Tuesday, August 14, 2007

A Hitchhiker's Guide to The NLRB Hearings

I feel that I can say with some confidence that the eight journalists who were fired from the Santa Barbara News-Press are looking forward to the start of today's hearings on whether the newspaper violated the National Labor Relations act by terminating them.

I can't tell you how News-Press owner Wendy McCaw feels because as far as I know she's not giving interviews and even if she were, I doubt that she'd be talking to me.

The proceedings get underway at 10 a.m. this morning at the Bankruptcy Court in downtown Santa Barbara.

As we all know, you can't tell the players without a scorecard so here's your scorecard. I'll try to brief you on everything you need to know in order to follow the hearings.

The charges. Think of the Teamsters Union, who represents the newsroom employees who voted to organize, as being the complaining party. They successfully persuaded the NLRB to prosecute the News-Press on allegations that they violated labor regulations.

Included among the violations the paper has been accused of:

  • Illegally firing six reporters who participated in a union demonstration on a freeway overpass where they displayed a banner visible to morning commuters urging them to cancel their subscriptions to the paper.

  • Firing staff writers Melinda Burns and Anna Davison on trumped of charges of biased reporting.

  • Denying annual performance bonuses to reporters who favored unionization.

  • Disrupting a meeting union employees were attempting to have with some of the paper's advertisers.

  • Suspending employees who attempted to communicate with McCaw by delivering a letter to her office.

  • The judge. The case will be heard by an administrative law judge appointed by the the NLRB to hear the evidence and make a recommendation to the Board. That judge will be William G. Kocol. About five years ago he presided over a similar type hearing brought against the Providence Journal of Rhode Island and found it in violation on virtually every charge the NLRB brought against it. Other than being described as a "no-nonsense kind of guy" not much else is known about him.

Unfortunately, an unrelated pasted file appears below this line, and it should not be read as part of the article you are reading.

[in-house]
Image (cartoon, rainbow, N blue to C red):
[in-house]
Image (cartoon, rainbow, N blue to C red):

The attorneys. The case is being prosecuted by the NLRB so they will put on their evidence first. The lead prosecutor for the NLRB is Steve Wyllie who will be assisted by Brian Gee. Both are out of the NLRB's regional office in Los Angeles.

    After counsel for the NLRB presents its case it will be the Union's turn. It will be represented by Ira Gottlieb. Of all the attorneys on the case Gottlieb has been involved the longest and figures to have the most comprehensive command of the facts.

    Finally, as "the defendant" the News-Press will present it's evidence last. Barry Cappello will be the lead attorney. He will most likely by assisted by one or more attorneys from his firm and also will be joined by Michael Zinser, who's been described as a union busting specialist out of Nashville, Tennessee.

    Cappello figures to be much better prepared, better organized and much more polished than Sandra McCandless who represented the paper in the NLRB proceedings that were held in January.